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This review is taken from PN Review 34, Volume 10 Number 2, November - December 1983.

THEORETICAL POETHICS Poems of André Breton: a bilingual anthology translated and edited by Jean-Pierre Cauvin and Mary Ann Caws (University of Texas Press) £20.65, £9.75 pb.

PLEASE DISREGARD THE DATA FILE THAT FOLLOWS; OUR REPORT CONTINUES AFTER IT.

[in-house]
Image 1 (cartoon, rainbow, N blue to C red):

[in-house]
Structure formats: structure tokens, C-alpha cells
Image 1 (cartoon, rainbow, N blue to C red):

For a figure of undeniable influence, 'one of the centres of gravity in our time' in the opinion of Octavio Paz, André Breton remains an oddly neglected writer, generally regarded as the encourager of greatness in others rather than a significant author in his own right. Much the best-known of Breton's writings are the manifestos of the 1920s in which he canvassed the claims of the 'pure psychic acts of automatism' which he called, developing a notion of Apollinaire's, Surrealism. These provided a rationale, if one may so call it, for any number of writers and painters of the 1920s and 1930s all of whom were, for a time at least, prepared to forget their differences and make common cause together. Even in decline Breton attracted the young and gifted to work with him towards the realization of the movement's aims. It was the collaborative spirit, as manifested in journals, public meetings, anthologies and just about anything that could be called a creative enterprise, which was the hallmark of Surrealism in its heyday, and it is this spirit which survives in post-Surrealist activity today. Only a man of immense personal magnetism could have fomented what was effectively the last great international cultural movement, and this Breton undoubtedly was. But the dynamic, 'convulsive' forces which the movement generated were to prove too strong for any one person to take charge of them, and a succession of internecine feuds and more or less acrimonious secessions from Breton's tutelage left him an ...


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